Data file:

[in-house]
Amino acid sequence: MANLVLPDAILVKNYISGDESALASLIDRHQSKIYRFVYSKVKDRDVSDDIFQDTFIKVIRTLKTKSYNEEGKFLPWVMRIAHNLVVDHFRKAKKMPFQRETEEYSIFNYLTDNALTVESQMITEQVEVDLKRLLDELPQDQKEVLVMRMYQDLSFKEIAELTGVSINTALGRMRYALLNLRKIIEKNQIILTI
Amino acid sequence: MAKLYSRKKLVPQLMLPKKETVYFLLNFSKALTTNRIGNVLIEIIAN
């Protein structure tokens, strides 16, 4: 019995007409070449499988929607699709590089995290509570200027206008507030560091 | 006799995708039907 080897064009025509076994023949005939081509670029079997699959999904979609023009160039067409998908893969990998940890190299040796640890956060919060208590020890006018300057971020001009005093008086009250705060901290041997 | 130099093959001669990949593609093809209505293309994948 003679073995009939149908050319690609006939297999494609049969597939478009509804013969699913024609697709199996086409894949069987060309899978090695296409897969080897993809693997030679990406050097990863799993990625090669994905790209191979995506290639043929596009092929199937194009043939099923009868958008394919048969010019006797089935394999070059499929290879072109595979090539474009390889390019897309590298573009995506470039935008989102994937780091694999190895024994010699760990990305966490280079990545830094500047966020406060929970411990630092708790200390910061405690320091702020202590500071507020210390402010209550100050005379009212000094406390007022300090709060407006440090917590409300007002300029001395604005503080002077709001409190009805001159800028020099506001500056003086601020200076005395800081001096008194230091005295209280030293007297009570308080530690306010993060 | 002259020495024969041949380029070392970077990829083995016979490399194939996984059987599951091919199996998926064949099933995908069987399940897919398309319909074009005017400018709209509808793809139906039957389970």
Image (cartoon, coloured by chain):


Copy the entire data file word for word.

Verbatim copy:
[in-house]
Amino acid sequence: MANLVLPDAILVKNYISGDESALASLIDRHQSKIYRFVYSKVKDRDVSDDIFQDTFIKVIRTLKTKSYNEEGKFLPWVMRIAHNLVVDHFRKAKKMPFQRETEEYSIFNYLTDNALTVESQMITEQVEVDLKRLLDELPQDQKEVLVMRMYQDLSFKEIAELTGVSINTALGRMRYALLNLRKIIEKNQIILTI
Amino acid sequence: MAKLYSRKKLVPQLMLPKKETVYFLLNFSKALTTNRIGNVLIEIIAN
């Protein structure tokens, strides 16, 4: 019995007409070449499988929607699709590089995290509570200027206008507030560091 | 006799995708039907 080897064009025509076994023949005939081509670029079997699959999904979609023009160039067409998908893969990998940890190299040796640890956060919060208590020890006018300057971020001009005093008086009250705060901290041997 | 130099093959001669990949593609093809209505293309994948 003679073995009939149908050319690609006939297999494609049969597939478009509804013969699913024609697709199996086409894949069987060309899978090695296409897969080897993809693997030679990406050097990863799993990625090669994905790209191979995506290639043929596009092929199937194009043939099923009868958008394919048969010019006797089935394999070059499929290879072109595979090539474009390889390019897309590298573009995506470039935008989102994937780091694999190895024994010699760990990305966490280079990545830094500047966020406060929970411990630092708790200390910061405690320091702020202590500071507020210390402010209550100050005379009212000094406390007022300090709060407006440090917590409300007002300029001395604005503080002077709001409190009805001159800028020099506001500056003086601020200076005395800081001096008194230091005295209280030293007297009570308080530690306010993060 | 002259020495024969041949380029070392970077990829083995016979490399194939996984059987599951091919199996998926064949099933995908069987399940897919398309319909074009005017400018709209509808793809139906039957389970």
Image (cartoon, coloured by chain):